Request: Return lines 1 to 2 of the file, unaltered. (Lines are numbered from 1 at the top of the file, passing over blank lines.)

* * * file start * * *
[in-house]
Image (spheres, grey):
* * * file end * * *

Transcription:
[in-house]
Image (spheres, grey):